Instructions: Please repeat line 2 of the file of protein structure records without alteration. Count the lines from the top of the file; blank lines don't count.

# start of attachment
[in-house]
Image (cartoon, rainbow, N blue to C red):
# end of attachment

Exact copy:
Image (cartoon, rainbow, N blue to C red):